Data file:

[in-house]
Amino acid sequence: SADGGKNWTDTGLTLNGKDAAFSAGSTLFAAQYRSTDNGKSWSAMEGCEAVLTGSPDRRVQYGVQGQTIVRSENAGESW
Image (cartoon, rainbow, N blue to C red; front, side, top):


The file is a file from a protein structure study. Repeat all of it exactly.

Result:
[in-house]
Amino acid sequence: SADGGKNWTDTGLTLNGKDAAFSAGSTLFAAQYRSTDNGKSWSAMEGCEAVLTGSPDRRVQYGVQGQTIVRSENAGESW
Image (cartoon, rainbow, N blue to C red; front, side, top):